06-06-2012, 06:22 AM #1
New Gulf Front Restaurant Coming to SoWal
Miramar Beach could soon see a new beachfront restaurant popping up along Scenic Gulf Drive.
At their fifth meeting on the issue, Walton County Commissioners voted 3-2 Tuesday night to approve plans for a 6,792-square-foot restaurant an about two acres along the Gulf of Mexico despite vehement opposition from some residents.
“We’re happy with the board’s decision,” said Bob Bonezzi, president of Bonezzi Development Co. Group.
The restaurant will abut the Avalon Dunes condominiums.
Condo owners and neighboring residents had filed a petition with the county to contest the development. They have concerns about traffic and pedestrian safety, and argued that the large restaurant would not be a good fit for their neighborhood.
About 50 people attended the meeting Tuesday night. After the vote, one angered resident began yelling at commissioners and was asked to leave the boardroom.
The residents also started a website and online campaign to rally opposition to the project.
“While I don’t disagree with some of the concerns … this project meets the minimum criteria,” said Commissioner Larry Jones, before making a motion to approve the project.
David Theriaque, an attorney for the developer, said the property is slated for coastal center use, which allows for some residential or commercial developments.
He argued that in those areas, some impact on neighboring properties is expected.
“When you have a mixture of uses you have a mixture of impacts,” he said.
But Dana Matthews, the attorney for the Avalon Dunes Homeowners Association, argued that the impact on the condos that neighbor the property would be too great.
He noted that nearby Pompano Joe’s — also owned by Bonezzi — is smaller, at 4,500 square feet.
“And we know what goes on down there,” he said. “It’s not a bad concept. It’s not a bad idea for South Walton to have another beach restaurant. But, it’s a bad idea to put it where they are trying to put it. Don’t build that intense of a project right there in the middle of these condominiums.”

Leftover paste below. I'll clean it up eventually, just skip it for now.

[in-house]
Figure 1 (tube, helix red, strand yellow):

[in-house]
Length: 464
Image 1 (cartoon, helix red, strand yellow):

After the meeting, Matthews said the biggest disappointment about the vote was that by approving the project commissioners also are allowing the developer to use the gravel San Antonio Street — which pedestrians and property owners have historically used to access the beach — for deliveries.
The homeowners association filed a lawsuit to stop the development, but in April a judge ruled against them. They have appealed the decision.
Tuesday’s approval is pending resolution of the legal conflicts.
Commissioners Cecilia Jones and Sara Comander voted against the project.
Jones said after the meeting that she drove to the Avalon Dunes condominiums and stood on one of the balconies that would face the restaurant.
“My gut feeling is it would be hard if you had a bedroom right there,” she said.
Just before the vote, the developers agreed to change their 20-foot buffer to a 30-foot buffer on the side of the Avalon Dunes condos, and to reduce their buffer from 20 to 10 feet on the side that runs along the street. They also agreed to put in an 8-foot privacy fence and 12 feet of vegetation to mitigate noise concerns.
“We want to be good neighbors and we want to minimize our impact,” Bonezzi said after the meeting.
Matthews said residents will evaluate their options to continue to fight the project.
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